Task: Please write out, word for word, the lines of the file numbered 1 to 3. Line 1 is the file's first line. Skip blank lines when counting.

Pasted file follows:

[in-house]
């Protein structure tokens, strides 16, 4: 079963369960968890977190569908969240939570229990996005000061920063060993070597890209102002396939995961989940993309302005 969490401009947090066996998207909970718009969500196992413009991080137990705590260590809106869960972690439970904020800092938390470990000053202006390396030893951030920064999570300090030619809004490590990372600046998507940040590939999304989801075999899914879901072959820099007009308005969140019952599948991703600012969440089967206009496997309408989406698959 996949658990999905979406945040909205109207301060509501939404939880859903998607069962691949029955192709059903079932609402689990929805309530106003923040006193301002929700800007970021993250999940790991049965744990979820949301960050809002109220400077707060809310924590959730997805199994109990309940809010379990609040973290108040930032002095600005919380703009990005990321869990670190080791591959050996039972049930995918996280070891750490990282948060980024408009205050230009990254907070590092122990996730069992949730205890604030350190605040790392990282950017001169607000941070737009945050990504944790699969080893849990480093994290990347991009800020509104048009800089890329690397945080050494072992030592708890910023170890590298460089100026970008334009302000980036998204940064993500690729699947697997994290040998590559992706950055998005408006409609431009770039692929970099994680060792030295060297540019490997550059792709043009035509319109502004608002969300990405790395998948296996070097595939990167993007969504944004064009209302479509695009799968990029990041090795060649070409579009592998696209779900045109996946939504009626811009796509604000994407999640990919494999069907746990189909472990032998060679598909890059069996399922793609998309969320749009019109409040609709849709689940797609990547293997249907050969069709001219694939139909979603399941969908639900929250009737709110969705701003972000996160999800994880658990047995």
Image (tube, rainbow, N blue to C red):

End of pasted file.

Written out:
[in-house]
């Protein structure tokens, strides 16, 4: 079963369960968890977190569908969240939570229990996005000061920063060993070597890209102002396939995961989940993309302005 969490401009947090066996998207909970718009969500196992413009991080137990705590260590809106869960972690439970904020800092938390470990000053202006390396030893951030920064999570300090030619809004490590990372600046998507940040590939999304989801075999899914879901072959820099007009308005969140019952599948991703600012969440089967206009496997309408989406698959 996949658990999905979406945040909205109207301060509501939404939880859903998607069962691949029955192709059903079932609402689990929805309530106003923040006193301002929700800007970021993250999940790991049965744990979820949301960050809002109220400077707060809310924590959730997805199994109990309940809010379990609040973290108040930032002095600005919380703009990005990321869990670190080791591959050996039972049930995918996280070891750490990282948060980024408009205050230009990254907070590092122990996730069992949730205890604030350190605040790392990282950017001169607000941070737009945050990504944790699969080893849990480093994290990347991009800020509104048009800089890329690397945080050494072992030592708890910023170890590298460089100026970008334009302000980036998204940064993500690729699947697997994290040998590559992706950055998005408006409609431009770039692929970099994680060792030295060297540019490997550059792709043009035509319109502004608002969300990405790395998948296996070097595939990167993007969504944004064009209302479509695009799968990029990041090795060649070409579009592998696209779900045109996946939504009626811009796509604000994407999640990919494999069907746990189909472990032998060679598909890059069996399922793609998309969320749009019109409040609709849709689940797609990547293997249907050969069709001219694939139909979603399941969908639900929250009737709110969705701003972000996160999800994880658990047995």
Image (tube, rainbow, N blue to C red):